1440x960-chocolate-wine-pairing

How to Pair Wine With Chocolate?

While a less common pairing than wine and cheese, wine and chocolate can be a satisfying end to an evening get-together. Get rules for pairing wine with chocolate.

Wine and cheese is the classic pairing, wine and chocolate a little less. However, that does not mean it can't be done to great effect! Learn how to pair wine with chocolate well.

Rules for Pairing Wine and Chocolate

If you've tried wine and chocolate together, odds are you've had a pairing that wasn't so successful. Wine and chocolate sound like a great idea because both have intense, fruity notes and both are sweet. Unfortunately, this can be too much of a good thing where the pairing doesn't resonate on the palate because of the similarities. For this reason, you will want to look for wine and chocolate pairings that play up the differences between the two treats.

Polyphenols in wine and chocolate also affect the pairing. Scientifically, polyphenols are the components within wine and chocolate that make them beneficial -- anti-inflammatory, for instance. Yet polyphenols are responsible for giving dark chocolates their bitter notes and for giving wines their tannic notes. If you pair a dry wine with a bittersweet chocolate, the experience won't be pleasurable due to an overload of polyphenols.

How, then, to succeed? Start with the lightest in both wines and chocolates and work your way toward more intense pairings. By starting light and working your way dark, you will be able to taste the subtler notes at play. If you began with a dark chocolate and then tried white or milk, you'd miss out on a lot of the flavors. Likewise, saving fuller-bodied wines for later in the tasting ensures that you will appreciate the notes in lighter wines while your palate is fresher.

While a general rule of success is to pair sweeter wines with chocolates -- everything from ice wines to fortified wines such as sherry or port -- these wines can be syrupy, and they may not be what you're after in a wine event.

Wines to Pair With White Chocolate

While chocolate lovers dismiss this as "not a true chocolate," you may want to include white chocolate in your wine pairing. Since its dominant flavors are cream and butter, white chocolate pairs well with light or playful wines. It's fun to start things off with a bubbly, such as Moscato d'Asti, which highlights the creaminess in white chocolate. Sherry works too, as does muscat.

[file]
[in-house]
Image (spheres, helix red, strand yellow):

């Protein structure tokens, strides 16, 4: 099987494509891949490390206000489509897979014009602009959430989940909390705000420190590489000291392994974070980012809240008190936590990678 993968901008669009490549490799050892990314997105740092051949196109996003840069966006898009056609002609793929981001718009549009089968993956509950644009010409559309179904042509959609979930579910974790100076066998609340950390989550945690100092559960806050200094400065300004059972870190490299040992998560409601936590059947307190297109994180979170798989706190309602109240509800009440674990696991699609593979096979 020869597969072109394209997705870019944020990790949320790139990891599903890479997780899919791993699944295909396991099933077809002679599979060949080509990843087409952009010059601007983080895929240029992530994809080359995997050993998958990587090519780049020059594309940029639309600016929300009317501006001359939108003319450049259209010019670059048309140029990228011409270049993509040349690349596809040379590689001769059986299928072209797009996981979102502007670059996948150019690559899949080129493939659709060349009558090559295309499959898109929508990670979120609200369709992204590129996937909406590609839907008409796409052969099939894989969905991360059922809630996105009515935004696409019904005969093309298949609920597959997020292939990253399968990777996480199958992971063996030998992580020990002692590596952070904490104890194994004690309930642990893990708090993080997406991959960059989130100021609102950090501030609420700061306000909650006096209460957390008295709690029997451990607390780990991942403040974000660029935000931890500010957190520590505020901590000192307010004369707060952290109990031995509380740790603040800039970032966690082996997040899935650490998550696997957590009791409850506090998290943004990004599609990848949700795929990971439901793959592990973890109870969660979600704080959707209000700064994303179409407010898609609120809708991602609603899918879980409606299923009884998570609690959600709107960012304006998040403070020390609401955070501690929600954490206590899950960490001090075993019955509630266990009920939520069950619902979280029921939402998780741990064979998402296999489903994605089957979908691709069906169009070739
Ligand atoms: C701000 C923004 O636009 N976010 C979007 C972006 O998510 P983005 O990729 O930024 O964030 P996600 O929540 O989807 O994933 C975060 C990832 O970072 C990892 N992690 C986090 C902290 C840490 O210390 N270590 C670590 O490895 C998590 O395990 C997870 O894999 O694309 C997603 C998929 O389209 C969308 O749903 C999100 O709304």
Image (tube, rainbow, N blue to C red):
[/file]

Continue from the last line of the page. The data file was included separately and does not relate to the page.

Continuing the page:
For a bold move, try pairing a big New World Zinfandel with white chocolate. The heavy wine seems like it would dominate the subtle chocolate but when you find the right Zin with the right white chocolate, the match can be heavenly.

Wines to Pair With Milk Chocolate

Of all the chocolates, milk chocolates vary the most in taste, so taste your chocolates first. Do they have nutty flavors or fruity notes? Are they balanced, tasting mainly of milky cocoa butter?

The best wine pairings for balanced milk chocolates are sweet whites or mild reds. Think light Pinot Noirs or Merlots on the red side, or sweet Rieslings and Muscats, along with dessert whites. Avoid anything that's too heavy when pairing a red wine with milk chocolate, as the wine will overpower the chocolate.

Sparkling wine works for milk chocolate, too, especially those varieties that have fruity flavors. For nutty milk chocolates, port is a natural pairing.

Wines to Pair With Dark Chocolate

Dark chocolates tend to contain more polyphenols, which gives them a bitter taste offset with notes of fruit or spice. Thus, they require bolder wines to stand up to the match. Any wines that have subtle chocolate notes of their own make for an interesting pairing with dark chocolates.

Zinfandels stand out here, because they have full bodies, higher alcohol levels, and tend toward flavor notes of fruit and spice. Cabernet Sauvignon is another red to consider, or if you prefer New World wines pick up a Shiraz. Cabs tend toward berry flavors, which often work well with chocolate, and they are high in tannins without being too bitter.

Lighter dark chocolates, such as those with around 55 percent cocoa, pair well with Merlots and Pinot Noirs. If you've tried these wines with milk chocolate, look for a fuller bodies, more tannic Pinot or Merlot to pair with your dark chocolate to keep things exciting for the palate. If this is your final pairing of the night, conclude with a nice port.

Perhaps the best rule of all, with wine as with chocolate, is to indulge in what you love. Be guided by these pairing suggestions, but if you find a combination you particularly enjoy, go with it!